Dissertation of an adventure

Click here to start from the Beginning

 

 

 

I had to wake up at 4:30am to ride a cab to the San Jose airport in Costa Rica. It was quite a busy airport that early in the morning but I arrived just early enough to make all the necessary checkouts and fly back to the USA.

 

 

I changed planes in Denver which meant I had 1 hour to clear customs with all my luggage. I had a little hang up when I presented my declaration paperwork with a paragraph of countries visited before returning section. I was sent to the level 2 baggage X-Ray checkpoint but since I was the only one in that line I made it through quickly.

 

A miserable overnight in LA and I was back on the plane to Alaska. The cold and snow was a bittersweet welcome home.

 

 

I am very thankful that you read this weblog, without knowing it many times I was very close to throwing in the towel but I didn’t want to let you down. I felt as if it was up to me to go deeper and farther into the forsaken third world and seek out the good and the bad. So if you can pay me one last favor and leave a comment with your favorite story of this saga I would be a better person for it and could more accurately speak to my audience in the future. You can be anonymous if you wish, but please just comment.

 

 

 

Now for the Q and A..

 

 

Was it dangerous? Were you ever scared along the way?

 

Yes it was dangerous, I put myself in several dangerous situations. I think that if anyone was looking to commit a crime against someone they would look past me. On the road most banditos probably didn’t know that I was packing a six pack of firebombs with an itch to use one, but I think that the confidence and purpose that I projected kept them looking for easier targets. On the street the machete muggers also never took a shot at me, because even in the dark 3:00 am night I was almost wishing that I could test my theory that throwing giant rocks will prevail over a simple machete.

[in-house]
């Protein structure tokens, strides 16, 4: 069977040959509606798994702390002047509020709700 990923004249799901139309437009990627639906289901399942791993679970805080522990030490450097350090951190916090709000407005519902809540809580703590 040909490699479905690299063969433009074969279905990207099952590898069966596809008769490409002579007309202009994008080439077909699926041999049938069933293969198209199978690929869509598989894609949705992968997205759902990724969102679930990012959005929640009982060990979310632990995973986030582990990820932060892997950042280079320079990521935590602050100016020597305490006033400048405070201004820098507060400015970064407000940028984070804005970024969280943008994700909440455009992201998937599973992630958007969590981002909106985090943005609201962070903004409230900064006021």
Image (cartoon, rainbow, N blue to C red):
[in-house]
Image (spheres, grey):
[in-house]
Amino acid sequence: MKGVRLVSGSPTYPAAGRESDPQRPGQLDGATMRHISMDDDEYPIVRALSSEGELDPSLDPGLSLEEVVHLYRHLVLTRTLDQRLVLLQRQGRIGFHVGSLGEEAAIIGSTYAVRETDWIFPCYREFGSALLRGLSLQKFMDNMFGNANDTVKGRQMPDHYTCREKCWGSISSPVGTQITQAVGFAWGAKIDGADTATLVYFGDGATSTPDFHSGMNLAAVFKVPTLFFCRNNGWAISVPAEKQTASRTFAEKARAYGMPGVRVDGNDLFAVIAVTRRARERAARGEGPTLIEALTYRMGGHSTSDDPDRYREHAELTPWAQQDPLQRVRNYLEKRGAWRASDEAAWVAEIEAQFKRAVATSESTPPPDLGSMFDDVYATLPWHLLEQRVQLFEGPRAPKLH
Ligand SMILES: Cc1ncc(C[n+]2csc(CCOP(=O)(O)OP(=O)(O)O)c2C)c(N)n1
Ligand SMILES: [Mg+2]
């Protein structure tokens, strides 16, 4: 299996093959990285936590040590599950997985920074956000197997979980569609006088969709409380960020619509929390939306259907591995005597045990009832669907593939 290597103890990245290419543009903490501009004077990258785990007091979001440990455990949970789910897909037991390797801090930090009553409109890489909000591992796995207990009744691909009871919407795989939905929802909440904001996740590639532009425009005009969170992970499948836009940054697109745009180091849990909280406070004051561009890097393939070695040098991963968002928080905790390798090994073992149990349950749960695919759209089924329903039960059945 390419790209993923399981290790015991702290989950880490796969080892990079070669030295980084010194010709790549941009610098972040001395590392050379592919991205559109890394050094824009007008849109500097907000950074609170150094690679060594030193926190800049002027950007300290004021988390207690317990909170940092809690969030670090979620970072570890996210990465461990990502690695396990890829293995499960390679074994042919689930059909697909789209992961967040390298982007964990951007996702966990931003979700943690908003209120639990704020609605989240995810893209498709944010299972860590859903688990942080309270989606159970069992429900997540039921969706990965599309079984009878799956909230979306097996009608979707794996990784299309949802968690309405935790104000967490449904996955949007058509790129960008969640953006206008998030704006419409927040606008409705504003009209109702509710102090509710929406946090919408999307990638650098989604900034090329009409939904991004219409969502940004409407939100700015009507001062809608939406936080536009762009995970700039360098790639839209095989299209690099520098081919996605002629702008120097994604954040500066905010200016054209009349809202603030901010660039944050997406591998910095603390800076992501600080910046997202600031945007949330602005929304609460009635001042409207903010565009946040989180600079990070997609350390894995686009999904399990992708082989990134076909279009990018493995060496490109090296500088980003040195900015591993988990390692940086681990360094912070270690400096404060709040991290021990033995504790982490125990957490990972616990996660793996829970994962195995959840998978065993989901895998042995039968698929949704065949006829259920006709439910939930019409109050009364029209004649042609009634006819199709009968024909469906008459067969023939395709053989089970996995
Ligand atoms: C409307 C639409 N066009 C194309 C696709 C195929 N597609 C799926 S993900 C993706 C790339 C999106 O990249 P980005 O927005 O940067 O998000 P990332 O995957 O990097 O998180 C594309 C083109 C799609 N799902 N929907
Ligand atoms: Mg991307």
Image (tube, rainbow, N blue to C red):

The scariest situation I encountered was in a dark slum in the depths of Managua Nicaragua. I was held up at a policia checkpoint for an hour and a half as darkness fell leaving me completely lost. After a 30 minute aimless drive I ended up on a dark dead end street with gang bangers partying in front of the huts on either side of the road. I drove the gringo machine past all of them only to find the dead end. On my return trip back down the chokepoint they were all out waiting for me. With the windows down I almost had to run over a guy to demonstrate that I wasn’t stopping for any reason and I got out of it alive.

 

 

 

Would you do it again? What would you do different?

 

Never Ever Ever drive to Centro America for any reason. Everywhere you go you are constantly burdened by your car, you have to find a guarded parquero every night and you always have to watch it or people will jimmy the locks to steal your stuff. For the amount of money it costs to bring an American vehicle down there you could pay for a plane ticket and buy a vehicle once you are in country. A car with CentroAmerican plates almost never gets messed with.

 

If I go back I would fly to San Jose Costa Rica and by a motorcycle for $800. On a motorbike you aren’t stabbed by the fuel costs and breeze through the borders and police checkpoints.

 

 

 

Did you learn to speak Spanish? Was it hard?

 

Sólo puedo decir lo que tengo que decir. I can say only what I need to say, my vocabulary is still very small but I am still working on it even now. I went into Mexico without even being able to count to ten. Now I can get by using a 4 year olds vocab and understand where to go and what to do. It was very hard and very frustrating, but necessity makes things happen at an incredible rate.

 

It seems the fastest vocab and grammar lessons are watching movies with Spanish subtitles and writing useful phrases on flash cards to memorize.